Now, as for my two favorite go-to recipes…the commissary cookie recipe with OR without the

Mmmm...cookies

Mmmm…cookies

oatmeal. Either way is a huge hit! And what I call the hot water recipe, this is a great classic cookie recipe. Yum yum yum! Can’t go wrong.

When I am making cookies for the family, I never bake the whole batch. I will bake just enough for that day, then refrigerate the rest. When I’m making dinner, I will throw a tray in while we eat, let it cool while we clean up, and enjoy a warm fresh cookie for dessert afterwards. (Kid who helps the most in the kitchen gets first pick of the tray!) Cookies made fresh and without preservatives will go stale in a couple of days, so why make it all at once unless it is going to be eaten all at once?

I’d really appreciate any more cookie baking tips or feedback from this post. I bake so many cookies for so many kid activities & get-togethers that I am open to suggestion. I stick with what I know because I always get such a positive response, from kids and parents.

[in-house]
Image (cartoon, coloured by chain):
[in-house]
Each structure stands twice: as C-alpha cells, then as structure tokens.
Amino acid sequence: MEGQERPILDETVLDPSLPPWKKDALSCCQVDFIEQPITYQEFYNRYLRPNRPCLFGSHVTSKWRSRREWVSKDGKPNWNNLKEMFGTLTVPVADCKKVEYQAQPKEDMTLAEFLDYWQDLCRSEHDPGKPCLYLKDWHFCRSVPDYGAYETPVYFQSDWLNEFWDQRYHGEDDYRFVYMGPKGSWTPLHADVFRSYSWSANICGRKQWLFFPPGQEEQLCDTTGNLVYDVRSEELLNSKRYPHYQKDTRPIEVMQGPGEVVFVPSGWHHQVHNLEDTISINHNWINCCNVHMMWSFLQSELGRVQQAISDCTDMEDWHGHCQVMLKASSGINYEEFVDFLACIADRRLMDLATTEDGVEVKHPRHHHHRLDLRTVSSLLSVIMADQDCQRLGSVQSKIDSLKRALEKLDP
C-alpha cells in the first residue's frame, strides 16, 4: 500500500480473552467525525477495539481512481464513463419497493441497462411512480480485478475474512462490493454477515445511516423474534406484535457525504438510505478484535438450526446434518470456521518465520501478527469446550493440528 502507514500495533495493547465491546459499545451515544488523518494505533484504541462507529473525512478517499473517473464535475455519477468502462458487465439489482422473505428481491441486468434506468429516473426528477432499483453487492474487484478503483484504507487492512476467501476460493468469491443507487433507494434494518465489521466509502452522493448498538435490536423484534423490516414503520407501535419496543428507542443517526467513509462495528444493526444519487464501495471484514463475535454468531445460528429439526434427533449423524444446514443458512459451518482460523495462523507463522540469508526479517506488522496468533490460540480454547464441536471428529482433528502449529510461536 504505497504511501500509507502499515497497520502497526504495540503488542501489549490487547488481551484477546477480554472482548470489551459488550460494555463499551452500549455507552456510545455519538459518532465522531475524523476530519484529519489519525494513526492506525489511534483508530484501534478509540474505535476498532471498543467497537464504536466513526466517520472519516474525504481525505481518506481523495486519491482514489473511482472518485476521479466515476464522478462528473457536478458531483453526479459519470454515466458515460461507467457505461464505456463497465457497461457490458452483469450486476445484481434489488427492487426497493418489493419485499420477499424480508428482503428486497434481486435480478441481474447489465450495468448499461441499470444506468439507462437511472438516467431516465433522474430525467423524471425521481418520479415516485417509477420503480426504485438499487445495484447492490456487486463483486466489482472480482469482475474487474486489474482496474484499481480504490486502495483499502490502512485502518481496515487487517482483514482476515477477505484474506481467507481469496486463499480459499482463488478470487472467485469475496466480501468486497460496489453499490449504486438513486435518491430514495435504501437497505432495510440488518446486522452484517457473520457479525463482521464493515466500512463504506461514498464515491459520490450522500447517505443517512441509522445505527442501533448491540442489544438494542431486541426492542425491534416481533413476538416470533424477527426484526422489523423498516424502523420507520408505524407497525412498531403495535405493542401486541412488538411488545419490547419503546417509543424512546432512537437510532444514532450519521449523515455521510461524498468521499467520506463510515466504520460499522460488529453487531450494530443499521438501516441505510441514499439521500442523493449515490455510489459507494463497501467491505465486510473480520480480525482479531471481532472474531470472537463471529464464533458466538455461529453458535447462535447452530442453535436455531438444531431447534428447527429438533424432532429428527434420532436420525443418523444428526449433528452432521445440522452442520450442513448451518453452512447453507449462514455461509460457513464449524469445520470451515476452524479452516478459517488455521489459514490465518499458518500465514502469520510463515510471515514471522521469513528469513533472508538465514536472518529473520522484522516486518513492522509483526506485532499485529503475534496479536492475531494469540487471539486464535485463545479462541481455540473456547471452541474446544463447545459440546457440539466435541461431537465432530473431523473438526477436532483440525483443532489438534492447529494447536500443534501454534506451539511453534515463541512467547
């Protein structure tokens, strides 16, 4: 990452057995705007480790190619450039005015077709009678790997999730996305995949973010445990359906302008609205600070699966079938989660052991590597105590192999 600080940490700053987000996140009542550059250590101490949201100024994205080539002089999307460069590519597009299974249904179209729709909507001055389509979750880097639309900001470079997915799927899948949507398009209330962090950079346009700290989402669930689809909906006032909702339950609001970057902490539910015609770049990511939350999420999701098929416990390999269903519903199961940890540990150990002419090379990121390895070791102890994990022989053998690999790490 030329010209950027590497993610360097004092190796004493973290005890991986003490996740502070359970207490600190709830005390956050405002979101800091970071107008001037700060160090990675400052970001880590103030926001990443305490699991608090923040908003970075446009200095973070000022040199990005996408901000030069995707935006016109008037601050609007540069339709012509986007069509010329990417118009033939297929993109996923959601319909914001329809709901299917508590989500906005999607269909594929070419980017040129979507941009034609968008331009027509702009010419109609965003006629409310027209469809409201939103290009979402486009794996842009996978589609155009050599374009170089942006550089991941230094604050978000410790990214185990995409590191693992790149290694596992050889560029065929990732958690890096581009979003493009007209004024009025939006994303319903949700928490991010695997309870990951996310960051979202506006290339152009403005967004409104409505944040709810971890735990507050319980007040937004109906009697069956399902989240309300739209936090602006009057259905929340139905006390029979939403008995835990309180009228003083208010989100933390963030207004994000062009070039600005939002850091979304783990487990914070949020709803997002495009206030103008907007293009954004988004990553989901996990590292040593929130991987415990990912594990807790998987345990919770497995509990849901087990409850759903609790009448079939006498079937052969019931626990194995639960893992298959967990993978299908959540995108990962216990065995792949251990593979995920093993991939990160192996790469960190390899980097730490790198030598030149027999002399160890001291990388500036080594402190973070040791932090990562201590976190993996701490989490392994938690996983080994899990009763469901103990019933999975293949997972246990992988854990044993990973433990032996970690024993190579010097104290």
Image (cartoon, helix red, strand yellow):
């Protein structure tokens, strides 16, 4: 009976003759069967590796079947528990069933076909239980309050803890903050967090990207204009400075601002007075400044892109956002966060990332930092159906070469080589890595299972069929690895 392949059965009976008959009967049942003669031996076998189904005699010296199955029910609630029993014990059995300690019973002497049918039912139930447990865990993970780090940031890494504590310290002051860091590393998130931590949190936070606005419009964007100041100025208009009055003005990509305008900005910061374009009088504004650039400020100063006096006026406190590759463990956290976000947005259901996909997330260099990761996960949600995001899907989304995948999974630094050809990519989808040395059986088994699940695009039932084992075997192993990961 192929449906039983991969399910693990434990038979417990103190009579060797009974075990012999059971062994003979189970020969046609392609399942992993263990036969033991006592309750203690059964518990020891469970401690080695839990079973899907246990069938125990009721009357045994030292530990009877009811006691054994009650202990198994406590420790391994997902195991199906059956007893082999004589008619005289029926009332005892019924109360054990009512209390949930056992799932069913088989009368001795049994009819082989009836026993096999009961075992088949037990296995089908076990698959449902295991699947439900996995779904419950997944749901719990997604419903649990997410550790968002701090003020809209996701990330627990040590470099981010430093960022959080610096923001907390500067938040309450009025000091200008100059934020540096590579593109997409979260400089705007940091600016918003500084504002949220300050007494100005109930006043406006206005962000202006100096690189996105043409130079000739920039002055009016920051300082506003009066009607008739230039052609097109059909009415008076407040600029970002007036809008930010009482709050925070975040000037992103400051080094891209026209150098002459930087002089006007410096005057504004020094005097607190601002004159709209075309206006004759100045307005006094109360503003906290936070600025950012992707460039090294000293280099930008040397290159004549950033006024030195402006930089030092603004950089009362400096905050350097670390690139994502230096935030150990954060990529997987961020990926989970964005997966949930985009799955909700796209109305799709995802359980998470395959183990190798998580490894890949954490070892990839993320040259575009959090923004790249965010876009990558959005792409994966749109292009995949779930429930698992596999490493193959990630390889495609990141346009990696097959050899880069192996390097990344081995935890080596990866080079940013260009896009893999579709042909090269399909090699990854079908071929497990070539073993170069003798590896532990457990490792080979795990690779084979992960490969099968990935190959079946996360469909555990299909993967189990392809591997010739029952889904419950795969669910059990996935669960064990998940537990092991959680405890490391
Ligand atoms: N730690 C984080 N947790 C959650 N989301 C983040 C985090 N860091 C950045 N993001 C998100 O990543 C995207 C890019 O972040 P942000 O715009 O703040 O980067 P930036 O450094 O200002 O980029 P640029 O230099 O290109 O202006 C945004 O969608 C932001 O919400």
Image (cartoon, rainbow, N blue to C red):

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I’ve been away for the summer, but now I’m back. New posts coming soon!

 
Sugar: The Less, The Better
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Guest post by Laura Vendever 

It’s everywhere you look: sugar is the latest terrible-for-you thing in the news. It joins, over the years, coffee, salt, eggs, fat, and smoking—but in the long run, only a couple of those things were actually dangerous. The others, not so much.

Sugar: the sneaky toxin

Sugar: the sneaky toxin

Today’s super-villain is sugar. Words used to describe it, in relation to health, include “toxic,” “poisonous,” and even “deadly.”

But is sugar really deadly?

 
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My kids love these kinds of activities. We are seeing slacklines and ziplines pop up in everyone’s backyard as the kids start to outgrow their swing sets. My daughter already rocks a unicyle, why not add to the balance challenge?

Now, let’s see how it goes…maybe I will consider putting up a zip line as well. Maybe.